There can be a lot of pressure and hype around what to do on New Year’s Eve. Everyone wants to have a memorable night and alcohol often plays a big part in the activities, as it does throughout the entire holiday season.

The reality is that drunk driving is an issue all year round. But because of all of the parties and socializing during the holidays, many people are indulging in drinking and the chances of being in a drunk-driving accident are higher. Although the worst injuries are typically associated with drunken driving, emergency departments also see injuries from falling while intoxicated, resulting in broken bones or head injuries. Alcohol overdoses are also common, particularly among those under the legal drinking age.

Here are some tips for celebrating New Year’s Eve while staying safe!

  • Always have a designated driver. Make sure this person knows his or her role in advance so they won’t drink alcohol.

  • If you’re drinking, leave your keys with someone so you won’t be tempted to drive.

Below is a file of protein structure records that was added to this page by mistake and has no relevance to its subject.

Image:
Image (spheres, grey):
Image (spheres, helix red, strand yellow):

• Have a clear plan to get children home safely if they’re likely to be present where alcohol is served.

  • If you’re hosting a party, keep an eye on your friends. Don’t let them leave your residence intoxicated.

  • Know how much is too much. Typically, too much alcohol for men equals more than three drinks within the first hour, then more than one subsequent drink per hour. For women, too much is typically equal to two or three drinks within the first hour, followed by more than one drink per hour thereafter. One drink equals 12 ounces of beer, 5 ounces of wine or 1.5 ounces of 80-proof distilled liquor. Of course, for many people, far less than these quantities might be “too much.”

  • Seek medical treatment for individuals who are unconscious, or exhibit slowed or irregular breathing, seizures, pale or blue-tinged skin or cold skin temperature.

  • Always seek medical attention after a car accident. Many people suffer from injuries that may not be immediately apparent. If an individual cannot be awakened, turn him on his side to keep the airway open, request help and stay with him.